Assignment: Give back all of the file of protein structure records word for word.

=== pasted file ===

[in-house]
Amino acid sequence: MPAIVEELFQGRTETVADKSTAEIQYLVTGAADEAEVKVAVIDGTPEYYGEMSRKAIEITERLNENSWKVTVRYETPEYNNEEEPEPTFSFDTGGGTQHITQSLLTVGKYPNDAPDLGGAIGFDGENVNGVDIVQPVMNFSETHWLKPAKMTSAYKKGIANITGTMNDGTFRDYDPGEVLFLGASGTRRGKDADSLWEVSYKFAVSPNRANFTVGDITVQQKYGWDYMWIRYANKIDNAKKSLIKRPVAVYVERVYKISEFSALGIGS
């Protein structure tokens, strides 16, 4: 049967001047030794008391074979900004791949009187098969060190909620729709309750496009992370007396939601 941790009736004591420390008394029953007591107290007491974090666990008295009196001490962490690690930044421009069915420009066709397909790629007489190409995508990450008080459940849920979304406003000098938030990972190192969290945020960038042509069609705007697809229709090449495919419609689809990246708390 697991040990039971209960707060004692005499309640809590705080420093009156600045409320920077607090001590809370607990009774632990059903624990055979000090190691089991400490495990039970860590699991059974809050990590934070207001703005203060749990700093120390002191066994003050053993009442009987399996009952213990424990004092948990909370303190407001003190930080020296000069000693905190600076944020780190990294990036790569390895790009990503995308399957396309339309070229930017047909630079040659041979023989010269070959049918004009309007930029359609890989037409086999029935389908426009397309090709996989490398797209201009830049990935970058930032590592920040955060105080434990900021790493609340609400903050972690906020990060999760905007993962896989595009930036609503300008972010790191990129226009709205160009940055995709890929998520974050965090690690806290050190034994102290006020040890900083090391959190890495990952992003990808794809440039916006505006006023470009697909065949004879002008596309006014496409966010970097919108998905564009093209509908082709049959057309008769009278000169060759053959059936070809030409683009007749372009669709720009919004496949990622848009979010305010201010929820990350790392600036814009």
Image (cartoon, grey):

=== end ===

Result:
[in-house]
Amino acid sequence: MPAIVEELFQGRTETVADKSTAEIQYLVTGAADEAEVKVAVIDGTPEYYGEMSRKAIEITERLNENSWKVTVRYETPEYNNEEEPEPTFSFDTGGGTQHITQSLLTVGKYPNDAPDLGGAIGFDGENVNGVDIVQPVMNFSETHWLKPAKMTSAYKKGIANITGTMNDGTFRDYDPGEVLFLGASGTRRGKDADSLWEVSYKFAVSPNRANFTVGDITVQQKYGWDYMWIRYANKIDNAKKSLIKRPVAVYVERVYKISEFSALGIGS
């Protein structure tokens, strides 16, 4: 049967001047030794008391074979900004791949009187098969060190909620729709309750496009992370007396939601 941790009736004591420390008394029953007591107290007491974090666990008295009196001490962490690690930044421009069915420009066709397909790629007489190409995508990450008080459940849920979304406003000098938030990972190192969290945020960038042509069609705007697809229709090449495919419609689809990246708390 697991040990039971209960707060004692005499309640809590705080420093009156600045409320920077607090001590809370607990009774632990059903624990055979000090190691089991400490495990039970860590699991059974809050990590934070207001703005203060749990700093120390002191066994003050053993009442009987399996009952213990424990004092948990909370303190407001003190930080020296000069000693905190600076944020780190990294990036790569390895790009990503995308399957396309339309070229930017047909630079040659041979023989010269070959049918004009309007930029359609890989037409086999029935389908426009397309090709996989490398797209201009830049990935970058930032590592920040955060105080434990900021790493609340609400903050972690906020990060999760905007993962896989595009930036609503300008972010790191990129226009709205160009940055995709890929998520974050965090690690806290050190034994102290006020040890900083090391959190890495990952992003990808794809440039916006505006006023470009697909065949004879002008596309006014496409966010970097919108998905564009093209509908082709049959057309008769009278000169060759053959059936070809030409683009007749372009669709720009919004496949990622848009979010305010201010929820990350790392600036814009």
Image (cartoon, grey):